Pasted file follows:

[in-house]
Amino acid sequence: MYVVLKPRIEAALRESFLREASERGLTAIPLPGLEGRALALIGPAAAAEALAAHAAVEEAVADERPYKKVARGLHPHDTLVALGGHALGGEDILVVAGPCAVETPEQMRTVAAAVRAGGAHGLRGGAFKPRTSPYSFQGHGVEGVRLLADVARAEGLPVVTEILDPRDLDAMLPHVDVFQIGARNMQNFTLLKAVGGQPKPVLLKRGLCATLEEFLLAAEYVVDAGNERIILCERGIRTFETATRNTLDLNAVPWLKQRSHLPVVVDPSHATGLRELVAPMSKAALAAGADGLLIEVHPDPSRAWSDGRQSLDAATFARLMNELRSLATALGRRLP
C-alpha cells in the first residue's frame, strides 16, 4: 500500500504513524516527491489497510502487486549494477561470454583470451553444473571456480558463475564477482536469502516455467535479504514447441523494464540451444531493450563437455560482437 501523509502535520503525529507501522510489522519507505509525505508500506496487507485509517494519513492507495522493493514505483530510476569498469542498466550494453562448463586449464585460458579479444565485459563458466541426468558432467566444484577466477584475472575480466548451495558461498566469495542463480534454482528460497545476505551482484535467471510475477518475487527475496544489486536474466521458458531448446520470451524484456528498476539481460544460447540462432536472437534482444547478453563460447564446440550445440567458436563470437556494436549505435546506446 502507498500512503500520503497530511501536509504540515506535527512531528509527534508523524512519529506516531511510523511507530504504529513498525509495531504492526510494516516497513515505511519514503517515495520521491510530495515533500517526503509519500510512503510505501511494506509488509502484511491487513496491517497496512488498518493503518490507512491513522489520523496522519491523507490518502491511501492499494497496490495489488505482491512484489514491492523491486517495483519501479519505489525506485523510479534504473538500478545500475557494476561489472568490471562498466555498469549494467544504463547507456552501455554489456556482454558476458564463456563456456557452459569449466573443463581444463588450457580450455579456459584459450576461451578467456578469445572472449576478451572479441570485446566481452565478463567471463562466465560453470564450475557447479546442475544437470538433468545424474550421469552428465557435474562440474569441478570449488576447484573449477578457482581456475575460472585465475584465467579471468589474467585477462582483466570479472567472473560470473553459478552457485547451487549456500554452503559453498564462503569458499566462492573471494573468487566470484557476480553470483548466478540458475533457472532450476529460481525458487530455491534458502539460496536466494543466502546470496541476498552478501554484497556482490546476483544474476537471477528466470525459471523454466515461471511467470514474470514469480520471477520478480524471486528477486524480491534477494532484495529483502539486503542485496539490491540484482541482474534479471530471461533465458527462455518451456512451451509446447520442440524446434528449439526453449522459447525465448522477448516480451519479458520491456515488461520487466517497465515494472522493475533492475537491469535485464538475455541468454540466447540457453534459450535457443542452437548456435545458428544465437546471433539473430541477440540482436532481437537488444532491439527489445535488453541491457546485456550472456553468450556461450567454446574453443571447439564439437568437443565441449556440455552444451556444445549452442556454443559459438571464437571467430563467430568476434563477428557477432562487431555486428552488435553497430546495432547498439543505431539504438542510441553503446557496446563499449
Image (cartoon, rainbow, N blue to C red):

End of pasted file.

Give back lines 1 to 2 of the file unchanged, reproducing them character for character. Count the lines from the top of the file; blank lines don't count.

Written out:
[in-house]
Amino acid sequence: MYVVLKPRIEAALRESFLREASERGLTAIPLPGLEGRALALIGPAAAAEALAAHAAVEEAVADERPYKKVARGLHPHDTLVALGGHALGGEDILVVAGPCAVETPEQMRTVAAAVRAGGAHGLRGGAFKPRTSPYSFQGHGVEGVRLLADVARAEGLPVVTEILDPRDLDAMLPHVDVFQIGARNMQNFTLLKAVGGQPKPVLLKRGLCATLEEFLLAAEYVVDAGNERIILCERGIRTFETATRNTLDLNAVPWLKQRSHLPVVVDPSHATGLRELVAPMSKAALAAGADGLLIEVHPDPSRAWSDGRQSLDAATFARLMNELRSLATALGRRLP